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BAQSIMI

Nasal powder for severe hypoglycemia

The FDA has approved the first glucagon therapy approved for emergency treatment of severe hypoglycemia that can be administered without an injection. Baqsimi (glucagon) nasal powder is provided in a single-use dispenser and is indicated to treat severe hypoglycemia in patients with diabetes age 4 years and older. Administered intranasally, the 3 mg dose need not be inhaled to be effective. The new drug is expected to simplify treatment in an emergency, an important advantage for patients who may be unconscious or experiencing a seizure. If the patient does not respond to treatment in 15 minutes, another 3 mg dose may be administered.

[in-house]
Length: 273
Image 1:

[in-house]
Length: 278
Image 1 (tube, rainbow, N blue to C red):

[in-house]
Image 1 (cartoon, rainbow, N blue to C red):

Baqsimi is contraindicated in patients with pheochromocytoma, insulinoma, and known hypersensitivity to glucagon or to any of the excipients.

Source: US Food and Drug Administration. FDA approves first treatment for severe hypoglycemia that can be administered without an injection. News release. July 24, 2019.

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ANTIMICROBIAL STEWARDSHIP

Use of unprescribed antibiotics is prevalent

In a review of published research on the prevalence of nonprescription antibiotic use in the US, researchers uncovered an alarming public health hazard: the widespread use of antibiotics without a prescription. Based on a search of research articles from various databases from January 2000 to March 2019, the study revealed the following findings, which varied depending on population characteristics.

  • The prevalence of nonprescription antibiotic use ranged from 1% to 66%.
  • Storage of antibiotics for future use varied from 14% to 48%.
  • The prevalence of intentions to use antibiotics without a prescription was 25%.